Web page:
UTC Political Science Class visits lawmakers
Students in the UTC Political Science Department’s State and Local Government class, taught by Dr. Jean Howard-Hill, presented findings and recommendations of their Tennessee State of Affairs Report to lawmakers in Nashville recently.
Students had the opportunity to make a presentation from the Senate Chambers. They sat in the chairs of Tennessee senators, and each took to the “well” to speak. “They also met in the private chambers of the Lt. Governor Ramsey. House Speaker Naifeh not only met with them in his private chambers, but also crowded them into his own office, as he provided them with Tennessee Blue Books,” said Howard-Hill.
Students wore the State of Tennessee pins given to them by Governor Phil Bredesen as they presented by standing and articulating from their research findings. They gave statistics; analyzed data and findings; presented comparative analysis; stated the public policy considerations behind their recommendations; and answered questions posed to them. The topics included the proposed campus library; a surplus of Hope Scholarship money being directed to Higher Education; and a discussion of channeling funds from the Cigarette Tax to higher education.
“After their presentations, sitting in House Session, and co-mingling with key state officials, students were invited and encouraged to apply for the legislative and governor’s internships. This made the luncheon with our three UTC interns, LaShunda Hill, Eric Fox and Tiffany Hagar even more meaningful, as they shared with students their legislative experiences,” Howard-Hill said.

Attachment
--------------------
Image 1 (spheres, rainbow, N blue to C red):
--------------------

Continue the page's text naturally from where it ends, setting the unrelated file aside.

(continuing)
There are numerous purposes for the UTC Student’s Tennessee State of Affairs Report, according to Howard-Hill. It provides an opportunity for students to research state and local government, recognize weaknesses and strengths, identify issues, and engage in problem solving as they draw conclusions from their research and make projections and recommendations relating to the future of Tennessee. “Students have worked hard, and have shown a great deal of enthusiasm as they have learned just how important it is to understand and be actively involved in impacting not only their future, but their present,” says Dr. Howard-Hill.
Howard-Hill extended an invitation to Governor Bredesen, Lt. Governor Ramsey, Tennessee State Commissioners and members of the Legislature, to come to the UTC campus in fall 2007, attend classes, engage in academic discussions, and get to see how higher education at The University of Tennessee at Chattanooga has positively impacted the lives of students.
“What I have attempted to do in the classroom is to prepare students to be presently involved in government while they are in an academic environment of research, and where that research can be analyzed within the context of what is learned in class and what is actually going on in the real world. This kind of academic experience is invaluable to students.”
Comments from students:
"I thought that we would go and the state legislators would listen to our reports and just disregard what we had to say. But when we went to Nashville the state officials were very interested in what we had to say and they actually took our reports very seriously. I felt that our class made a huge impact on how the legislators look at UTC. It was also nice to be able to present findings that actually made a difference in the State of Tennessee."
"This trip was also very enriching to the students who had the opportunity to attend, as many students began individual personal relationships with high-ranking state government officials. After seeing our government in action and meeting with Tennessee's elected officials, we have seen the importance of being informed and active citizens, and will begin to fill out roles as leaders of our state and our University."
"Our class trip to Nashville was the opportunity of a lifetime. We were able to do things others could only imagine. Meeting with top officials, presenting our research to them, and actually sitting in the State Senate and House was amazing. I know I have made connections that will benefit my future. Our representatives were interested in who we were as people and where we came from."
May 1, 2007